8.4       The Committee takes note of the State party's argument that the investigations were necessarily protracted and thorough, given the number of individuals indicted in the context of the assassination of Mr. Spadafora. The author has, on the contrary, pointed to the "political nature" of the proceedings and contends that they were unduly delayed, as her nephew was indicted on 1 February 1990 and not tried until the summer of 1993. The Committee further observes that the State party did not reply to its request of 28 April 1995 for further clarifications on the issue of the length of the proceedings against Mr. del Cid.


8.5       The Committee considers that a delay of over three and a half years between indictment and trial in the present case cannot be explained exclusively by a complex factual situation and protracted investigations. In cases involving serious charges such as homicide or murder, and where the accused is denied bail by the court, the accused must be tried in as expeditious a manner as possible. The burden of proof that there are other factors which might have justified the delays in the present case lies with the State party. As the State party has not replied to the Committee's request for further clarifications on this issue, the Committee has no choice but to conclude that no such other factors did in fact exist, and that Mr. del Cid was not tried without "undue delay", contrary to article 14, paragraph 3(c), of the Covenant.


8.6       The Committee notes that the proceedings before the Superior Tribunal referred to in paragraphs 6.2 and 7.1 above, relating to Mr. del Cid's activities in the Coiba Island penitentiary, remain pending. As these proceedings were not part of the author's initial complaint and are not covered by the terms of the decision on admissibility of 11 October 1993, the Committee makes no finding in their respect.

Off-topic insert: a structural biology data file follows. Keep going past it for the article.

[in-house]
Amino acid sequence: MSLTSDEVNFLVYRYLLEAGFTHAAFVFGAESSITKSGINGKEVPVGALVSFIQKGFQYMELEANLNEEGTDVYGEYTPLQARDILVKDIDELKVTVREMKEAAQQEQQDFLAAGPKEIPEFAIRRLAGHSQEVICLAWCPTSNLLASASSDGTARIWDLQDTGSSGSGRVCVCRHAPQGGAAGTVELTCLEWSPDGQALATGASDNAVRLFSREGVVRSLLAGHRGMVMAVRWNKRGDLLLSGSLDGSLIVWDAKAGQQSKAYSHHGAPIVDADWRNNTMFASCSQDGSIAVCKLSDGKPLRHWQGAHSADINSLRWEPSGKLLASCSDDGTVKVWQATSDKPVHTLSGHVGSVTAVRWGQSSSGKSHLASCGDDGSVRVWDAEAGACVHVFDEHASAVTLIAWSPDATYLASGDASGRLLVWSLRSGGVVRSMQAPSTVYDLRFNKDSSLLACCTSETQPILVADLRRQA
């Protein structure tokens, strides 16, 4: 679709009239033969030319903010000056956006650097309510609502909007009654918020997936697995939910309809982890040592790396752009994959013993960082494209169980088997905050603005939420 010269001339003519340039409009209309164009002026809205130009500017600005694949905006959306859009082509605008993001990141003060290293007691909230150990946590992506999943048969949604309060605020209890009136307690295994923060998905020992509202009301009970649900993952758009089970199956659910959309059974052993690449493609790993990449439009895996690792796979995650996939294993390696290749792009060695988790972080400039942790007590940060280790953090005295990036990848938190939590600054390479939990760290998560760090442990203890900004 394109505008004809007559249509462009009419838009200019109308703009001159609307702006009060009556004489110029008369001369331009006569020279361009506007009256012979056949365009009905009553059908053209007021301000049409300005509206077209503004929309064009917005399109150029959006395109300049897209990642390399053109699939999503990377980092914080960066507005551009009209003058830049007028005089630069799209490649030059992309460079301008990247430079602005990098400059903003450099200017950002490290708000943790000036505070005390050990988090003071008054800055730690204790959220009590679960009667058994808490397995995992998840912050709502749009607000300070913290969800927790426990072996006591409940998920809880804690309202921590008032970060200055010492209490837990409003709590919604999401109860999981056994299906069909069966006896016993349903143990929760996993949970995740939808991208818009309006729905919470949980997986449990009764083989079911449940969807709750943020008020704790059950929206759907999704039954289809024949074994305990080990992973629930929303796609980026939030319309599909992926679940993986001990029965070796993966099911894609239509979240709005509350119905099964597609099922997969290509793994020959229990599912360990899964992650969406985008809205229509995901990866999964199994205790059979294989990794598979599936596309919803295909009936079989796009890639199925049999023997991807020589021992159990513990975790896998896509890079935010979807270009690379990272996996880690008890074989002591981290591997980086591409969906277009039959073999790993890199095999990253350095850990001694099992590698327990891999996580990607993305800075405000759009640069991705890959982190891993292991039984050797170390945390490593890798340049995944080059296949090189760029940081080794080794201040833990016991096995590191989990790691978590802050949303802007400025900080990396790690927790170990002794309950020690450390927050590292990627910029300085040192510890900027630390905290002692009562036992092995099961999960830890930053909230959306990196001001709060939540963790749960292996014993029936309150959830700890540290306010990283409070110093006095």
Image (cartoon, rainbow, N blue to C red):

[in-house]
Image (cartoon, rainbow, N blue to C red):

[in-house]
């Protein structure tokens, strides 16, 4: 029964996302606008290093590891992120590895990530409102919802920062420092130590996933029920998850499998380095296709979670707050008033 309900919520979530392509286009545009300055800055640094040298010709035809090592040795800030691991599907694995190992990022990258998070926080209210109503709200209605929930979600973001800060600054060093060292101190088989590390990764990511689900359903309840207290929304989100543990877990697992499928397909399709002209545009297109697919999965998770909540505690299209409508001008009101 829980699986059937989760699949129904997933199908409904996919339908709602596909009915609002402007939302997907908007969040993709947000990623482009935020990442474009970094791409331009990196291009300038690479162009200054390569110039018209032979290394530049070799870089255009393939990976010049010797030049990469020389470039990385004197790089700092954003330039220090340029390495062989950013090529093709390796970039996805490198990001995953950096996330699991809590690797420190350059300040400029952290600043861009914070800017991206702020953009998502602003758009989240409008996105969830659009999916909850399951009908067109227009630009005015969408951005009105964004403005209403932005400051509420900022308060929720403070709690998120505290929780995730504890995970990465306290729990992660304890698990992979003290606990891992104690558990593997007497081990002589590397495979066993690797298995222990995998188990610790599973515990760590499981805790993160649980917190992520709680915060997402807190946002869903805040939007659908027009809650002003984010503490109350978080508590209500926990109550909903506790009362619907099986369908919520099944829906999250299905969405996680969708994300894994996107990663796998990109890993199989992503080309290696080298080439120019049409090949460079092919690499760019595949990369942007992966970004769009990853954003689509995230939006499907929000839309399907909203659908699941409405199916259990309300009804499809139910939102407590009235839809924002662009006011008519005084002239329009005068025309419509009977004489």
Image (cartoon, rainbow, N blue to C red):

9.         The Human Rights Committee, acting under article 5, paragraph 4, of the Optional Protocol to the International Covenant on Civil and Political Rights, is of the view that the facts before it disclose a violation of article 14, paragraph 3(c), of the Covenant.


10. Under article 2, paragraph 3(a), of the Covenant, Mr. del Cid is entitled to an effective remedy, including compensation. The State party is under an obligation to ensure that similar violations do not occur in the future.


11.       Bearing in mind that, by becoming a State party to the Optional Protocol, the State party has recognized the competence of the Committee to determine whether there has been a violation of the Covenant or not and that, pursuant to article 2 of the Covenant, the State party has undertaken to ensure to all individuals within its territory and subject to its jurisdiction the rights recognized in the Covenant and to provide an effective and enforceable remedy in case a violation has been established, the Committee wishes to receive from the State party, within 90 days, information about the measures taken to give effect to the Committee's Views.